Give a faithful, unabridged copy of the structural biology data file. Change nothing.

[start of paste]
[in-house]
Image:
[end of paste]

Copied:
[in-house]
Image: